Emerging Markets Debt

The third quarter of 2023 was rocked by a new wave of U.S. rates volatility that the market was largely not expecting. A better-than expected U.S. CPI print was released at the beginning of July showing headline inflation in the U.S. falling to 3%, the lowest since March 2021. While the Fed delivered its expected 25bps rate hike later in July, the earlier CPI print raised market hopes that the Fed might have reached the end of its rates tightening cycle, making the July hike a “one and done” situation. At the same time, sentiment for emerging markets fixed income was bolstered by better growth prospects and falling inflation expectations in emerging markets that set a path for a pivot in rates in key jurisdictions.

Unfortunately, a fast and furious sell-off in 10 and 30-year Treasuries (+22bps and +28bps, respectively), during the first week of the month quickly reversed positive global risk sentiment. The Treasury move was driven by the release of the U.S. government’s fiscal plan which showed much higher than expected financing needs, increasing fears over future UST supply, and coincided with Fitch’s downgrade of U.S. sovereign debt from AAA to AA+. While a softer than expected July jobs report provided a short reprieve, 10 and 30-year Treasuries continued their climb higher, reaching levels not seen in fourteen years (4.3% and 4.4%, respectively), as supply concerns were compounded by concerns over (1) Japanese demand for U.S. Treasuries post the BOJ’s tweak in yield curve control policies, (2) stronger economic data signaling a push out of recession risks and reinforcing the higher for longer rates narrative and (3) concerns over upside risks to inflation on the back of rising commodity prices driven by supply side factors. The Treasury market finally took a breather towards the end of August on the back of soft PMIs in the U.S., EU and the UK but started widening again at the beginning of September as prospects for another hike in November started increasing after a strong U.S. ISM services print.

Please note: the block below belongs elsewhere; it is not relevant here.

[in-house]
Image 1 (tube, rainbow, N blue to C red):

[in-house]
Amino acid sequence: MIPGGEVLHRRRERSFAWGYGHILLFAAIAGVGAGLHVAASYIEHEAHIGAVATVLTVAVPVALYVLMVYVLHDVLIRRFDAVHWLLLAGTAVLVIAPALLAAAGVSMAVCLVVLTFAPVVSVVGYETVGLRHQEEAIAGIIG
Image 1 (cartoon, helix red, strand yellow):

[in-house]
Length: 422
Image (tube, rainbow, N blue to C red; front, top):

In the midst of this volatile U.S. rates backdrop and the dominance of the higher rates for longer narrative in the U.S., it is unsurprising that EM local sovereigns underperformed with the JPM GBI-Broad Diversified Index down 1.2% QTD. EM corporates outperformed during the quarter with the JPM CEMBI Broad Diversified Index up +0.4% on the back of its low duration (only 4.8 years) versus EM sovereigns which were down marginally at -0.1% QTD (duration of 6.2 years). As expected, the HY segments of both EM sovereigns and corporates outperformed IG during the quarter given a mix of lower duration and higher carry present in the HY segments. HY EM sovereigns and corporates returned +2.0% and 1.6% QTD, respectively, versus IG sovereigns and corporates which returned -2.1% and -0.4% QTD, respectively.

While we are of the opinion that the Fed remains close to the end of the rate hiking cycle and that U.S. rates downside from supply is capped by the potential demand arising from duration rotation trades that would likely occur at more elevated levels, volatility should remain a central theme for the remainder of 2023 as the market (and the Fed) digest and react to each new economic data print. In this environment, active management continues to be critical to both managing the risks posed to portfolios and to harness the opportunities that may arise from any dislocations. During times such as these, we are particularly focused on generating alpha through our rigorous bottom-up investment process.

Supply technicals remain supportive. While supply in the EM fixed income market has resumed more strongly in September, EM gross supply forecasts for 2023 remain well below the 5-year average for 2017 through 2021 at -27% for EM sovereigns and -44% for EM corporates. Furthermore, EM gross issuance has primarily been skewed to IG with 73% of gross sovereign issuance and 79% of gross corporate issuance being IG. After over two decades of growth, net financing is expected to be negative for a second year in a row for EM corporates at -$118 billion. Furthermore, performance risk remains skewed to the upside as significant EM hard currency outflows of -$43 billion in 2023 and -$13 billion YTD indicate that accounts remain underweight emerging markets fixed income.